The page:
Foreign Secretary Hammond admits he would vote to leave EU

Philip Hammond attends a press conference in Siauliai, Lithuania, on May 2, 2014 (AFP Photo/Petras Malukas)
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  • David Cameron
    David Cameron
    Former prime minister of the United Kingdom (born 1966)

London (AFP) - Britain's new Foreign Secretary Philip Hammond confirmed Sunday he would vote to leave the EU unless London can repatriate powers from Brussels.

Hammond said without changes to Britain's relationship with the European Union, he expected the country would vote to leave the bloc in a referendum, which Prime Minister David Cameron has promised to hold in 2017 if his Conservatives are reelected next year.

"I haven't changed my mind," Hammond told BBC television.

"If there is no change at all in the way Europe is governed, no change in the balance of competences between the nation states and the EU, no resolution of the challenge of how the eurozone can succeed and co-exist with the non-eurozone; that is not a Europe that can work for Britain in the future.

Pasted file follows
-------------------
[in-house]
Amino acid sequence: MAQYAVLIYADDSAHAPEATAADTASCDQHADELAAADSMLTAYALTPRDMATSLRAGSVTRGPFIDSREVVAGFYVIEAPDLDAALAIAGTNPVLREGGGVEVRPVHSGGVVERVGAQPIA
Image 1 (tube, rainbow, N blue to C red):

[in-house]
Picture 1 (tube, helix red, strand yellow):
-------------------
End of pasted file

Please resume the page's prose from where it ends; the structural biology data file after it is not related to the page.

"So there must be change, there must be renegotiation."

He added: "The status quo is simply not acceptable, the status quo is not in Britain's interest".

Hammond said there had to be a "repatriation of powers to the nation states" and things should only be done on a European level where "absolutely necessary".

Meanwhile the relationship between the eurozone and the rest of the EU had to be settled "in a way that is fair to the non-eurozone and protects its interests", he said.

Eighteen of the 28 EU member states use the euro currency. Britain is not among them and retains the pound sterling.

Hammond said he would be telling his European counterparts that without any changes, "I am pretty clear what the answer of the British people in that referendum is going to be".

He said Britain gained "enormously" from being inside the European single market but needed to balance "the benefits of being in with the benefits of being out".

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